Taudte, RV, Beavis, AB, Blanes, L, Cole, NA, Doble, PA & Roux, CP 2014, 'Detection of Gunshot Residues Using Mass Spectrometry', BioMed Research International, vol. 965403, pp. 1-16.View/Download from: UTS OPUS or Publisher's site
In recent years, forensic scientists have become increasingly interested in the detection and interpretation of organic gunshot residues (OGSR) due to the increasing use of lead- and heavy metal-free ammunition. This has also been prompted by the identification of gunshot residue- (GSR-) like particles in environmental and occupational samples. Various techniques have been investigated for their ability to detect OGSR.Mass spectrometry (MS) coupled to a chromatographic system is a powerful tool due to its high selectivity and sensitivity. Further,modernMS instruments can detect and identify a number of explosives and additives whichmay require different ionization techniques. Finally,MS has been applied to the analysis of bothOGSR and inorganic gunshot residue (IGSR), although the gold standard for analysis is scanning electron microscopy with energy dispersive X-ray microscopy (SEM-EDX). This review presents an overview of the technical attributes of currently available MS and ionization techniques and their reported applications to GSR analysis.
Abraham, J, Champod, C, Lennard, CJ & Roux, CP 2013, 'Modern statistical models for forensic fingerprint examinations', Forensic Science International, vol. 232, pp. 131-150.View/Download from: UTS OPUS or Publisher's site
Over the last decade, the development of statistical models in support of forensic fingerprint identification has been the subject of increasing research attention, spurned on recently by commentators who claim that the scientific basis for fingerprint identification has not been adequately demonstrated. Such models are increasingly seen as useful tools in support of the fingerprint identification process within or in addition to the ACE-V framework. This paper provides a critical review of recent statistical models from both a practical and theoretical perspective. This includes analysis of models of two different methodologies: Probability of Random Correspondence (PRC) models that focus on calculating probabilities of the occurrence of fingerprint configurations for a given population, and Likelihood Ratio (LR) models which use analysis of corresponding features of fingerprints to derive a likelihood value representing the evidential weighting for a potential source.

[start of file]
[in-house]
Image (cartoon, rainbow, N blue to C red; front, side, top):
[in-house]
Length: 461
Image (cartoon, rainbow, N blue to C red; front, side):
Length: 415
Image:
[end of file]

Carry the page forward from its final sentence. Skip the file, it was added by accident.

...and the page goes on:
Jones, KM, Benson, SJ & Roux, CP 2013, 'The forensic analysis of office paper using carbon isotope ratio mass spectrometry-Part 2: Method development, validation and sample handling', Forensic Science International, vol. 231, no. 1-3, pp. 364-374.View/Download from: UTS OPUS or Publisher's site
This paper describes the development and validation of a method for the analysis of office papers by measuring carbon isotopes using isotope ratio mass spectrometry (IRMS). The method development phase included testing protocols for storage, sample materials, set-up of the analytical run; and examining the effects of other paper examination procedures on IRMS results. A method validation was performed so that the Deltaplus XP IRMS instrument (Thermo Finnigan, Bremen, Germany) with Flash EA 1112 could be used to measure document paper samples for forensic casework. A validation protocol that would meet international standards for laboratory accreditation (international standard ISO 17025) was structured so that the instruments performance characteristics could be observed. All performance characteristics measured were found to be within an acceptable range and an expanded measurement uncertainty for the measurement of carbon isotopes in paper was calculated at 0.26, with a coverage factor of 2. This method was utilized in a large-scale study, published as part one of this series, that showed that IRMS of document papers is useful as a chemical comparison technique for 80 gsm white office papers
Jones, KM, Benson, SJ & Roux, CP 2013, 'The forensic analysis of office paper using carbon isotope ratio mass spectrometry - Part 1: Understanding the background population and homogeneity of paper for the comparison and discrimination of samples', Forensic Science International, vol. 231, no. 1-3, pp. 354-363.View/Download from: UTS OPUS or Publisher's site
Isotope Ratio Mass Spectrometry (IRMS) has been shown to be a useful tool in the comparison of materials that are chemically identical either through man-made production processes or for materials that have been naturally produced. Paper therefore, is an ideal material for this type of measurement given that it is manufactured from a naturally produced product that can be difficult to discriminate based on physical feature comparison alone. To determine whether carbon isotopes are useful for discriminating document papers, 125 samples from Australia and New Zealand were collected over a 24-month period. When measured, a range of 8 was observed. A homogeneity study was undertaken to examine the range of values expected from paper sources including single sheets, single reams and multiple reams from the same brand. These results can also be used to suggest how best to sample from these different sources. After characterizing the natural variation of the material, a range of 1 was defined for use as a benchmark for discrimination. Utilizing this threshold, 68% of the 125 collected samples (when paired against each other) could be discriminated using the carbon isotope abundances alone. Additionally, correlation was observed when measured values were plotted against their production region of origin.